No Home on the Range: Climate Change and the Future of the Buffalo Commons

DSC_0119In 1987, geographers Frank and Deborah Popper wrote their now-famous “Buffalo Commons” article. In the article, published in December of that year in “Planning” magazine under the title “The Great Plains: From Dust to Dust,” The Poppers argued that the interplay of environmental, economic, and demographic variables would foster the eventual formation of a “Buffalo Commons” across remote, depopulated segments of the American Great Plains.  This “Commons” would consist of large bison herds, which according to the Poppers represented the most environmentally sustainable and economically viable use of the semi-arid grassland regions of the continental United States.

Yet, over twenty-five after the publication of the widely-read article, it is now evident that the Poppers’ vision of the Great Plains will never come to pass.  Three environmental factors (all related to climate change) guarantee that the Buffalo Commons will remain only a theory rather than an actual means of organizing the Great Plains environment and economy.

1. A Warmer and Drier Climate. Scientists have concluded that the western regions of the Great Plains, which includes many areas examined by the Poppers, are becoming drier and warmer.  In the last century, the plains have warmed between three and four degrees Fahrenheit.  This warming will continue.  As climate change accelerates, portions of the western plains will experience more frequent drought episodes, which translates into less forage for bison.  Forage is the single greatest determinant of herd size and survivability.  The sparseness of forage across the western plains will limit, or completely impede, the reintroduction of bison to their former range.  Put simply, desertification stemming from climate change will forestall a Buffalo Commons.  You can’t have bison without grass.

2. The Dwindling Water Resource.  As the western Great Plains heats up and annual precipitation amounts decline, rivers will carry less water, reservoirs, wetlands, stock ponds, and glacial potholes will no longer fill to capacity, and the Ogallala Aquifer will be tapped out of existence. In the new American desert that emerges, the Great Plains’ dominant species, Homo Sapiens Americanus (which is a particularly large subspecies of Homo Sapiens) will increasingly monopolize the area’s depleted water resources, leaving little or none for other lifeforms. Without water, bison will have no place on the plains.

3. The Absence of the Region’s Former Oases. The third, and most important, reason the Buffalo Commons idea will forever remain the pipe dream of the Environmental Left is tied to the first and second reasons. Homo Sapiens occupy, and will continue to occupy, the prime ecological real estate across the Great Plains.  In the nineteenth century, before European-Americans violently seized the grassland from the Native Americans, and when bison still roamed the plains in the millions, there existed a series of oases between the Missouri River and Rocky Mountains. These oases held the bulk of the region’s biological diversity. An array of plants, birds, mammals, and reptiles concentrated in the oases. During drought episodes and severe winters (or the occasional little ice ages that descended on the plains), the oases acted as sanctuaries, sustaining bison herds and other critters against the ravages of the Great Plains’ frequently violent climate. The oases were instrumental in the long-term survival of large bison herds.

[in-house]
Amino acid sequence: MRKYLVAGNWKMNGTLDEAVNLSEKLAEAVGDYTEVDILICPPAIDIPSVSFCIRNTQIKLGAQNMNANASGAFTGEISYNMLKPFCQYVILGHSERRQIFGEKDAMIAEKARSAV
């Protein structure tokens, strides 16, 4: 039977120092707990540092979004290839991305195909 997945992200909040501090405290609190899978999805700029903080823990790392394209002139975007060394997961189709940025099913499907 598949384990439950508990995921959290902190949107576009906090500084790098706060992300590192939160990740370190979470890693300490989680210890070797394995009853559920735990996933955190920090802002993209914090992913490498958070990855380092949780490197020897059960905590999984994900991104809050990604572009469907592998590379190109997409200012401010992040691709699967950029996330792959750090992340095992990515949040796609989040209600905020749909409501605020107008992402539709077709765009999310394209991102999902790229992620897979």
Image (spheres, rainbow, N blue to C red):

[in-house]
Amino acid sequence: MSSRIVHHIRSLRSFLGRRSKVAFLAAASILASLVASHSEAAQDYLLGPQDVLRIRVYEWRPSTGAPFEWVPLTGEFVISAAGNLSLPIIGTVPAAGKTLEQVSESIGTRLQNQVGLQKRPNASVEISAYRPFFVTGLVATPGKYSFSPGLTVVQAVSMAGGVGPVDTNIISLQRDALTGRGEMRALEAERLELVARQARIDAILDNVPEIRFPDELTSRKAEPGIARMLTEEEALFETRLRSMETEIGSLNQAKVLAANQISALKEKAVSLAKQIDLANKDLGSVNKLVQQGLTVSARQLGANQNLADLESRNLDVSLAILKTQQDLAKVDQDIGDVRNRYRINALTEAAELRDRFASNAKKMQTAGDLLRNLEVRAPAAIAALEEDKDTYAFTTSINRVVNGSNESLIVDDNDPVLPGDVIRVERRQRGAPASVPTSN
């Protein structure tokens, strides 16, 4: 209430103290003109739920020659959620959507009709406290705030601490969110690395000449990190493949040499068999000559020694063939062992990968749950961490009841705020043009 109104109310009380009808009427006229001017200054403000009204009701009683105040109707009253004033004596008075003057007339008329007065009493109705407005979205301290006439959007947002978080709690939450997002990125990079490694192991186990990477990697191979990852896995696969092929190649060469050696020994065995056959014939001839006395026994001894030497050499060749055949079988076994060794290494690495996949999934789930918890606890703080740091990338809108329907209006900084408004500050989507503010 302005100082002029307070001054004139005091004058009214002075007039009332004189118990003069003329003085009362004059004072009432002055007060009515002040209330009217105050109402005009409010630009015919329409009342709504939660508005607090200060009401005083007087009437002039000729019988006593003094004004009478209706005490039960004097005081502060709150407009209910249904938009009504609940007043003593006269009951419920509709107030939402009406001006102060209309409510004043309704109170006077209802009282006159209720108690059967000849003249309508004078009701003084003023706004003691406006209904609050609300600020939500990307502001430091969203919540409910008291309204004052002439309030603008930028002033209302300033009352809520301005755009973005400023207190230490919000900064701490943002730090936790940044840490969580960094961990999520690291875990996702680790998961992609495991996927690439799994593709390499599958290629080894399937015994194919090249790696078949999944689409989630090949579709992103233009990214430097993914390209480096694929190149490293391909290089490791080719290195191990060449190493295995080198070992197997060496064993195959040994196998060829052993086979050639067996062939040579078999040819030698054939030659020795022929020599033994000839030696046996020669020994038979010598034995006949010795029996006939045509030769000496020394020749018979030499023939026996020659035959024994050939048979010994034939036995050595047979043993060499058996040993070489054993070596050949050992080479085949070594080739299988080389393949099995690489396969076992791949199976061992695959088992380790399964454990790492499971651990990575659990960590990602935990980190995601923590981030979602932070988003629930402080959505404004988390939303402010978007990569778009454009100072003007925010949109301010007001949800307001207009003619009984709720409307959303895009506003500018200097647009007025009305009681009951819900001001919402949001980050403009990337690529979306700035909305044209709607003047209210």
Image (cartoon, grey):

In the nineteenth century, plainsmen, wholly ignorant of ecology and convinced of their god-given right to slaughter everything possessing a hide or devilish beady eyes, referred to the Great Plains’ oases as “bottoms,” which was a derivative of the term “river bottomland.” But the bottoms were not just any bottomland, they were parcels of land situated next to rivers and streams that contained robust timber tracts, fertile soil, tall grasses, and a perennial water source. Frontiersmen, at least the few who were literate, wrote of these rich bottoms, often remarking on the incredible number of species found within their borders.

Notable bottoms existed at the juncture of the Clark’s Fork and Yellowstone, at the mouth of the Tongue River where it enters the Yellowstone, at the confluence of the Bad and Missouri rivers, and near the headwaters of the Powder River where that river enters the foothills of the Bighorn Mountains. Predictably, after European-American settlers conquered the plains, they erected their ranches, farms, and then towns atop the bottoms.  Today, Billings and Laurel, Montana, stand solidly atop the Clark’s Fork Bottom, Miles City occupies the Tongue River Bottom, Fort Pierre, South Dakota, dominates the Bad River Bottom, and the aptly named Buffalo, Wyoming, sits astride the former Powder River Headwaters Bottom. With the former bottoms, or oases, now firmly buried beneath concrete, asphalt, bricks, and mortar, the bison herds of some future Buffalo Commons will not have the necessary oases to survive and thrive in the harsher, drier Great Plains environment. Without those former oases, there can be no Buffalo Commons. And as climate change and water depletion intensify, Plains residents will increasingly congregate in the area’s urban hubs, such as at Billings/Laurel, Montana, Miles City, Montana, Buffalo, Wyoming, and Pierre/Fort Pierre, South Dakota, leaving no room for Buffalo-Commons-bison-herds to find a home on the range. Instead of a Buffalo Commons emerging across the western plains, the region is going to become what American explorer Stephen Long perceived it to be back in 1820 – “The Great Desert.”

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